“Admission” with Tina Fey and Paul Rudd. Focus Features.
At this time of year, high school seniors from coast to coast are wracked with stress about the college admission process. Is there any way to turn this ordeal into a romantic comedy? Tina Fey and company give it a try in “Admission.”
Fey plays Portia Nathan, an admissions officer at Princeton who gets way too emotionally involved with one of the applicants to the freshman class. Instead of remaining a name on an orange folder and a series of grades, tests scores and extracurricular accomplishments stapled to a personal essay, a 17-year-old boy named Jeremiah Balakian (Nat Wolff) becomes all too real to Portia. She comes to believe she is actually his birth mother and soon is doing all sorts of questionable things to try to give him a leg up in his struggle to get into Princeton.
Based on the novel of the same name by Jean Korelitz, who worked in the Princeton admissions office, the movie milks a seriously touchy subject for some good laughs. But high school students facing the daunting college application process will wonder how closely this movie hews to any real college. Their parents may ask whether it will help or hinder their kids as they wait out the verdicts from the schools they’ve applied to.
There are no simple answers to these questions. The movie has its moments of truth as well as its flights of fancy. Whether a particular teenager will have a good, lighthearted time or find the film painfully stressful will depend mostly on the person. But, underneath its humorous exterior, “Admission” does offer some earnest commentary and a few real lessons to be learned. Here are a few admissions realities I think the movie got right.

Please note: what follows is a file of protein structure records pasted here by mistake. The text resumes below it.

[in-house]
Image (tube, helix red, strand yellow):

“Admission” by Jean Hanff Korelitz (Grand Central Publishing)
Before the soon-to-be-released movie “Admission,” with Tina Fey and Paul Rudd, there was the novel by Jean Hanff Korelitz, Princeton faculty wife and sometime admissions reader
If you’ve always wanted to know what happens behind the doors of Ivy League college admissions offices—and prefer reading novels to non-fiction—this book’s for you. Author Jean Hanff Korelitz spent 2006 to 2007 working as an application reader at Princeton University to do her research for this fact-filled fiction. In her novel “Admission,” first published in 2009 and due to be reissued soon as a movie tie-in, she takes us inside the secretive process.
Like the author, the book’s protagonist Portia Nathan works in admissions at Princeton and is obsessed with her job. When the story opens, she’s headed to New England—her new territory—where she’ll be visiting the elite prep schools, some public high schools and one new progressive private school based on a farm. As she flies north, we look over Portia’s shoulder while she reads through students’ application folders and considers whether they are Princeton material. It is just the first of many such sessions.
The Gatekeepers by Jacques Steinberg (Penguin Books)
First published a decade ago, Jacques Steinberg’s book “The Gatekeepers” still offers a revealing window into how the college admissions process really works
Every fall, as almost three quarters of American high school seniors prepare to apply to college, a new crop of teenagers and their parents wonder: who gets into the top schools and why? As anyone involved can tell you, it’s not based only on grades and test scores. Those are just two of many factors, some quite mysterious. In fact, how admissions offices at the most competitive colleges weigh those factors and make their decisions has long been a closely guarded secret. Oh, to be a fly on one of those ivy-covered walls!
A little over a decade ago, New York Times education writer Jacques Steinberg convinced Wesleyan University to let him be that fly. At the time, Wesleyan was a well-respected and up-and-coming school profiting from the rapidly multiplying number of college applicants in this country. As Steinberg describes it, the pyramid of elite colleges worked like a tower of champagne glasses, with applicants who didn’t quite make it into the Ivy League spilling down into the next tier of schools, which included Bates, Bowdoin, Colby, Middlebury, Williams, Amherst, Swarthmore and Wesleyan.
If you’re concerned with quality education, that’s a simplistic way to think about any of these schools, each of which offers an excellent education and has unique qualities of its own. But if you’re tracking admissions statistics and developing marketing strategies, the image of a champagne pyramid makes perfect sense.